Getting alerts on system configuration changes from baselines requires associating systems to baselines as part of the Baselines configuration screens. Do this by editing a baseline and selecting the ‘Systems’ tab (see Figure 2). 

System and baseline association

Figure 2 - System and baseline association

In this example, we added ‘rhel8desktop’ system to the list of associated systems for ‘Standard baseline’ baseline. This means that every time ‘rhel8desktop’ checks in, Drift will check for differences between ‘rhel8desktop’ system and ‘Standard Baseline’ defined baseline and then trigger a ‘Drift from baseline detected’ event if the system configuration differs from the defined baseline.

You can also use Drift APIs to set baseline and system associations. Find more information on the Red Hat Insights API documentation

End-to-end Drift Notifications

Now that we have configured Drift to alert when ‘rhel8desktop’ configuration differs from our defined ‘Standard Baseline’ baseline, we will receive an email as well as a webhook notification when a difference is detected and triggered. 

See examples of the email (Figure 3) and webhook (Figure 4) received after running the sudo insights-client command on ‘rhel8desktop’ to simulate a scheduled daily run.

Example of an email received for a ‘Drift from baseline detected’ notification

Figure 3 - Example of an email received for a ‘Drift from baseline detected’ notification.

The email notification contains information about the system and the baseline(s) it differs from. Clicking on the system name redirects to the Inventory profile for the system. Clicking on the baseline name points directly to the Comparison report for this system and the selected baseline in the Drift application. The Baseline feature and how to use it in Comparison to get a list of differences between system configuration and baseline was introduced in a previous blog post.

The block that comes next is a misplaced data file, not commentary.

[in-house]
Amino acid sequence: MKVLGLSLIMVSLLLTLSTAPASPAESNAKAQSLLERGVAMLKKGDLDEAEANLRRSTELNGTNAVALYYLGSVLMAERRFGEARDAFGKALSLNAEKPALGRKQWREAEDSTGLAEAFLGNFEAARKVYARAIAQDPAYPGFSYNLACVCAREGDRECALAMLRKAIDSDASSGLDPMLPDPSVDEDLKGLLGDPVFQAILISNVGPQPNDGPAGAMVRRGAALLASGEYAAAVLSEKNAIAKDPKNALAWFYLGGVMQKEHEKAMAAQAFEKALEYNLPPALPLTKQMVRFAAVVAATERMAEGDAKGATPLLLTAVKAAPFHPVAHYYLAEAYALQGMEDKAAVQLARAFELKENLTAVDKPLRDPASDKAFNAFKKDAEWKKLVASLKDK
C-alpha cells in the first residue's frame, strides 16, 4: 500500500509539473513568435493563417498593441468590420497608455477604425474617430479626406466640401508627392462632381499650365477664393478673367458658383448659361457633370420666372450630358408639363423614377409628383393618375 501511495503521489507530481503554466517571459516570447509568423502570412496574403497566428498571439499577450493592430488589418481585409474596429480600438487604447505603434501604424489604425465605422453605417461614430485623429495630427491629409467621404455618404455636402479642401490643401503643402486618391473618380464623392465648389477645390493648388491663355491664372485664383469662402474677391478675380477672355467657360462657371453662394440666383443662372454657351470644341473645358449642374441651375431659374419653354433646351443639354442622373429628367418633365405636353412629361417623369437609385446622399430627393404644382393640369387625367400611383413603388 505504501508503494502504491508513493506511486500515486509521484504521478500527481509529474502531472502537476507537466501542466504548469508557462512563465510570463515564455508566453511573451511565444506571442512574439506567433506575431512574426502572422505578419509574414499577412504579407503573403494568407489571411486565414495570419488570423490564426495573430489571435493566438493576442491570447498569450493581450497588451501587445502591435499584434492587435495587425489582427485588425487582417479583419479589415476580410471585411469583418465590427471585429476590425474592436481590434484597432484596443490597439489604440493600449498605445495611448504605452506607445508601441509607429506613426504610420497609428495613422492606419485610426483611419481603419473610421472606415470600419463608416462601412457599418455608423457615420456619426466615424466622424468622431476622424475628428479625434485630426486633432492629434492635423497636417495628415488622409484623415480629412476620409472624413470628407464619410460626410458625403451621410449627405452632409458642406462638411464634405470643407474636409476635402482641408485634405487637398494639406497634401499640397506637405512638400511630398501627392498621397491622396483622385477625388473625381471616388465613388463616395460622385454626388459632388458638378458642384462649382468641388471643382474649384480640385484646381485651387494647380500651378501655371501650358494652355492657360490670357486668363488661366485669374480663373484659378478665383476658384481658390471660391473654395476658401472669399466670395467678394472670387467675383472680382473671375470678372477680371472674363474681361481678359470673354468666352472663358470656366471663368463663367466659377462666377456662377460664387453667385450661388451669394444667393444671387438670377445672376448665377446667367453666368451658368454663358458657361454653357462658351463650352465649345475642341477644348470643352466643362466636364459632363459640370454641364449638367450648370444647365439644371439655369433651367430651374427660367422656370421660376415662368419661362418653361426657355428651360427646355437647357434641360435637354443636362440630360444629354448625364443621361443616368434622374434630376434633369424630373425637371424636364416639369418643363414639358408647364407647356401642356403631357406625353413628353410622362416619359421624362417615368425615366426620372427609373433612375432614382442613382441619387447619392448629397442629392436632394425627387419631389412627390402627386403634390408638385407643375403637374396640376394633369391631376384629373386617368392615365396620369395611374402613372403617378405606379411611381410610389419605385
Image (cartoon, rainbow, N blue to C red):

Example of a webhook message received from a ‘Drift from baseline detected’ notification

Figure 4 - Example of a webhook message received from a ‘Drift from baseline detected’ notification

The webhook notification contains information about the system (in the context section) and about the baseline it differs from (payload section). This can be used in multiple manners to troubleshoot, update CMDB records in third party applications, or even automate the trigger of specific alerts or processes according to your organization.

Conclusion 

In this article, we showed how you can now associate systems to defined baselines in Drift, and get alerted wherever a system configuration differs from them. In the example, a ‘Drift from baseline detected’ event is triggered, and email and webhook notifications are sent according to the Notifications configuration for the organization. This new feature can help you maintain your systems configuration to match your organization's standard operating environments.

Other Red Hat Insights services such as Advisor and Policies also use the Notifications service to send alerts based on their findings. Additional event types triggered by Red Hat Insights applications will be added as we grow the service and on-board new features.

We invite you to test this new feature out in Drift and provide feedback and suggestions using the Red Hat Customer Portal feedback form.


About the author

Jerome Marc is a Red Hat Principal Product Manager with over 15 years of international experience in the software industry spanning product management and product marketing, software lifecycle management, enterprise-level application design and delivery, and solution sales.